The benchmark analysis resulted in Source One presenting the provider with a solution for their upcoming contract renewal. Recommendations were provided around shifting from a stepped PMPM monthly calculation to a straight calculation solely based on total membership. It was also clearly established that reducing the PMPM fee, would directly decrease the monthly cost of the program. But more importantly, a case was presented that in addition to shifting to a lower/reduced PMPM fee to below market levels, a higher Per-Visit fee should be considered and the utilization allowance removed or decreased substantially.

While this recommendation seemed unorthodox at the beginning, it was agreed that increasing the Per-Visit fee to market average levels, and eliminating or substantially reducing the utilization allowance, provided the maximum benefit potential; primarily because under this model, the monthly revenue to the Wellness Program supplier would largely depend on member utilization, and consequently, the supplier would be intrinsically motivated to promote their program amongst members in order to make up for reduced revenue caused by a lower PMPM fee.

By promoting the program and increasing awareness, member utilization levels would increase accordingly. This expected increase on utilization represented a key opportunity to our client to reduce direct membership maintenance costs on the back end; as it was reasoned that as members took advantage of the benefits of the program, their health would improve ipso facto, thereby reducing the number of filing claims and consequently lowering member costs to our client.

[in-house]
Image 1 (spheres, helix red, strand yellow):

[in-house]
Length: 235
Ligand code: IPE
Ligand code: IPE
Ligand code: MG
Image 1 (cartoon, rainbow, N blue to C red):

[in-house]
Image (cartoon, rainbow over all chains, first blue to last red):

The premise of a symbiotic correlation between a reduced monthly cost for our client, improved health levels for its members, and increased potential for profitability for the supplier warranted the support of the provider’s internal actuarial group to validate this strategy and measure impact levels. In addition to these tangibles, shifting responsibility and accountability of the program back to the supplier provided additional soft benefits, as it enabled service levels to be monitored under tighter controls and increased transparency on supplier performance. Not to mention any additional benefits generated through member satisfaction and widespread service adoption.

The negotiating leverage that facilitated presenting these requests to the supplier was gained based on market intelligence that demonstrated that competitive markets were opening up as new suppliers were allowed to compete in an environment that had been previously monopolized.

Source One’s recommendations around pricing and processes were deemed innovative, and our insights on current market conditions provided the necessary platform for the provider to execute on those recommendations and conduct effective negotiations. By weighing the cost of service and the benefits it would bring to the provider and its members, Source One discovered a viable path to decrease the cost of member maintenance, which led the insurance company to closer alignment to its strategic goal of offering more competitive healthcare plans at lower costs.
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Diego De la Garza